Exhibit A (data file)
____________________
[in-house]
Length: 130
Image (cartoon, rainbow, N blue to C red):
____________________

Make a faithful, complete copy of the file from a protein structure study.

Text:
[in-house]
Length: 130
Image (cartoon, rainbow, N blue to C red):